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Discussion Starter · #1 ·
I had to lay my bike down at an intersection this afternoon: 1981 Honda GL1100. I cracked the cylinder head cover and lost all the oil. On the bright side, I am fine. In my experience, carborated bikes shut off pretty quickly when they tip over but I actually don't know how quickly it lost oil. I believe slowely, and the first thing I did was pull the keys out of the ignition. There was a lot going on, but I am pretty sure the engine was off by then and the oil puddle was still relatively small.
So what should my approach to this be and what should I look for when I take off the cover?
I assume there is possibly some metal pieces in the case that I will need to clean out very well. What type of cleaner should I use in there? Then would a visual inspection be enough to determine what I'm dealing with? After cleaning it can I replace the cover, fill it with oil, and see if it runs?
Here it is. It's not a huge gash so I am pretty sure the oil leaked out slowly well after the engine was off. I am optimistic that the engine wasn't running without oil.
277973
 

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First, let me say that I am not a professional motorcycle mechanic…If it were mine, I’d replace the cover fill it with oil and start it up. Check for any weird bangs or clunks, check for good oil pressure, leaks, etc…After a brief test period, change the oil and filter again…Maybe cut the filter apart and check for large chunks if you can. If the engine is truly trashed, you’ll know pretty quickly.
 

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Discussion Starter · #3 ·
First, let me say that I am not a professional motorcycle mechanic…If it were mine, I’d replace the cover fill it with oil and start it up. Check for any weird bangs or clunks, check for good oil pressure, leaks, etc…After a brief test period, change the oil and filter again…Maybe cut the filter apart and check for large chunks if you can. If the engine is truly trashed, you’ll know pretty quickly.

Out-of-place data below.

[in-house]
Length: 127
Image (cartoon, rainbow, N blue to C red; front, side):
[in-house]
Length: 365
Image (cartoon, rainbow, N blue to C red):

That's what I would love to do here. I figure $30 for the cover and I'll know pretty quick if there is major damage. I just don't want cause major damage by doing that. If it runs, then I guess I'll be replacing the forks too...
 

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Discussion Starter · #4 ·
So if I want to clean that area out, what can I spray in there? Degreaser? Brake cleaner?
 

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Since you shut off the bike right away, I doubt that you have any engine damage from oil starvation.

I would not spray any brake cleaner or anything like that on the top of the valves or anything. If you get that stuff down in the crankcase you probably will have engine damage later on. I would simply remove the cover and use a small brush to remove any small pieces of metal that you find, which will probably be very few. If there are any, they probably stayed in the cover anyway.If you feel the need to rinse the head top surface with something, I would just use a light oil like 10 Wt. motor oil. I would avoid using solvents unless you plan to tear the motor down, and there is probably no reason to do that.
 
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You may also want to order the cover bolts. The front top one looks like it took the brunt of the damage. It may be bent.
Hopefully you can find the cover. Gasket and bolts are still available as an OEM part.